Species like the anole exist in natural and urban environments. So how does where they live affect their body shape? (Image Credit: RobinSings, CC BY-SA 4.0)
Linking locomotor performance to morphological shifts in urban lizards (2018) Winchell, K. et al., Proceedings of the Royal Society of Biological Sciences, 285, http://dx.doi.org/10.1098/rspb.2018.0229
We know that human construction leads to displacement of many species, regardless of the ecosystem. But just because we put up a city, doesn’t mean that all the species that lived there go disappear. Some stay and adapt to their new surroundings. Understanding how certain types of organism respond to new environments is important when considering our impact on a species.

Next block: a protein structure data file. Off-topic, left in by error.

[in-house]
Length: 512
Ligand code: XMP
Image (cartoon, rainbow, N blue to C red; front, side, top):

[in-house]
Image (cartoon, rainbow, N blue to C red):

Today’s paper looks at the response of lizards, in this case anoles, to living in the city. The authors wanted to find out, among other things, whether individuals of the selected species showed different locomotive abilities on natural and man-made surfaces based on whether or not they came from the city or the forest, and whether these corresponded to morphological differences.